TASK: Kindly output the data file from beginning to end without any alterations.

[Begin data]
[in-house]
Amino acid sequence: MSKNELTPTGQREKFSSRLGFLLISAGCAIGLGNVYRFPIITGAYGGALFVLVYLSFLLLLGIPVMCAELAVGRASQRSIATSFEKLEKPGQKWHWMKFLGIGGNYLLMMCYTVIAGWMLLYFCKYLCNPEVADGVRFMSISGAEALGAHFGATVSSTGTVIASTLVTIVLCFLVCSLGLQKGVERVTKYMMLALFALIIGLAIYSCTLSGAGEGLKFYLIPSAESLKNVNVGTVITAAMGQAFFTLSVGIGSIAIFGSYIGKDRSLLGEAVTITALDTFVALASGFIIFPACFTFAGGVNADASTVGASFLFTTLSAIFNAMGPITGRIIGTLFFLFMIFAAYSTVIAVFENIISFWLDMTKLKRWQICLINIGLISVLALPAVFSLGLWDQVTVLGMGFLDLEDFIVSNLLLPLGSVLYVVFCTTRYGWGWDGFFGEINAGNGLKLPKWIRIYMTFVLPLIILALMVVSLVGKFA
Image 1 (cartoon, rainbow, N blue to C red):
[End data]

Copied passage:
[in-house]
Amino acid sequence: MSKNELTPTGQREKFSSRLGFLLISAGCAIGLGNVYRFPIITGAYGGALFVLVYLSFLLLLGIPVMCAELAVGRASQRSIATSFEKLEKPGQKWHWMKFLGIGGNYLLMMCYTVIAGWMLLYFCKYLCNPEVADGVRFMSISGAEALGAHFGATVSSTGTVIASTLVTIVLCFLVCSLGLQKGVERVTKYMMLALFALIIGLAIYSCTLSGAGEGLKFYLIPSAESLKNVNVGTVITAAMGQAFFTLSVGIGSIAIFGSYIGKDRSLLGEAVTITALDTFVALASGFIIFPACFTFAGGVNADASTVGASFLFTTLSAIFNAMGPITGRIIGTLFFLFMIFAAYSTVIAVFENIISFWLDMTKLKRWQICLINIGLISVLALPAVFSLGLWDQVTVLGMGFLDLEDFIVSNLLLPLGSVLYVVFCTTRYGWGWDGFFGEINAGNGLKLPKWIRIYMTFVLPLIILALMVVSLVGKFA
Image 1 (cartoon, rainbow, N blue to C red):